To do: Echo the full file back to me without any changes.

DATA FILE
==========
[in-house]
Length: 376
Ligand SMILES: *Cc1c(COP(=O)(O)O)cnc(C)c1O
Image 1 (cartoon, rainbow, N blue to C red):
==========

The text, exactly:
[in-house]
Length: 376
Ligand SMILES: *Cc1c(COP(=O)(O)O)cnc(C)c1O
Image 1 (cartoon, rainbow, N blue to C red):